pass muster


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pass muster

To be accepted as adequate; to meet the minimum or standard requirement. I gave the interview my best, but I guess I didn't pass muster. There are so many typos and structural problems—there's no way this report will pass muster with the boss.
See also: muster, pass

pass muster

Fig. to measure up to the required standards. I tried, but my efforts didn't pass muster. If you don't wear a jacket and tie, you won't pass muster at that fancy restaurant. They won't let you in.
See also: muster, pass

pass muster

Meet a required standard, as in That yard cleanup won't pass muster with Mom. This expression originally meant "to undergo a military review without censure," muster referring to an assembling of troops for inspection or a similar purpose. [Late 1500s]
See also: muster, pass

pass muster

FORMAL
COMMON If someone or something passes muster, they are of a satisfactory standard for a particular purpose or job. He spoke French and Spanish and could just about pass muster in Italian. It is the only country that has yet to fulfill all the membership requirements, but it is expected to pass muster soon. Note: In the army and navy, a `muster' is an inspection of the soldiers' or sailors' uniforms and equipment.
See also: muster, pass

pass muster

be accepted as adequate or satisfactory.
This was originally a military expression, meaning ‘come through a review or inspection without censure’. It is found earlier (late 16th century to late 17th century) in the now obsolete form pass (the ) musters and has been in figurative use since the late 16th century.
See also: muster, pass

pass ˈmuster

be good enough; be acceptable: I didn’t think Charlie’s parents would like me, but evidently I pass muster. Muster is the calling together of soldiers, sailors, etc. for inspection. If you pass muster, you pass the inspection without criticism.
See also: muster, pass

pass muster

To be judged as acceptable.
See also: muster, pass

pass muster

To pass an examination or inspection; measure up to a given standard.
See also: muster, pass
References in periodicals archive ?
Microsoft: Software giant Microsoft (NASDAQ:MSFT) is the big news story on Friday, as the company's earnings report, issued Thursday evening, failed to pass muster on the Street.
PASS MUSTER n Australian firefighters take part in race
To insist you have no knowledge of a dodgy donation when you wrote to the donor to thank him for it wouldn't pass muster in a primary school.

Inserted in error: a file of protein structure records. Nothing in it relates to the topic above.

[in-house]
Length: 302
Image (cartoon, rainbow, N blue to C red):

In a country that is officially secular and where separation of church and state is the law of the land, demands to alter the Constitution based on the interpretation of holy books or church doctrine simply do not pass muster.
It then created an approval process so byzantine that it took companies years and hundreds of millions of dollars to pass muster just for the license, before they had spent the first dollar on construction.
Since these securitized mortgages would qualify for a defeasance only recently, as certain owners decided they'd like to refinance, attorneys wanted to make sure the clause would pass muster with the state taxing authorities.
If these treatments had to meet the same standards applied to new drugs by the Food and Drug Administration, the procedures probably wouldn't pass muster, he asserts.
Companies awarded this honor had to pass muster with some of Silicon Valley's top industry veterans, corporate executives, and successful entrepreneurs.
Shock-absorbing Supalite soles grip well and the boots are stylish enough to pass muster in a country pub.
To suggest that because we have relations in England we must all be run from a government in London wouldn't pass muster in a primary school debating society.
And that, apparently, is all it takes for wacky educational policy to pass muster in the Assembly.
When the Clintons' "health alliances" select the few plans in each geographical area they will offer to subscribers, these firms are confident they will pass muster.
That measure, its sponsors hope, could be introduced in the Senate, as well, as it is considered more likely to pass muster through the Assembly and the Governor.
Childs' argument did not pass muster with "well-established" New York law, which subjects indemnification agreements to "heightened" scrutiny.
Re ``Passing the buck won't pass muster on hospital'' (Their Opinions, Feb.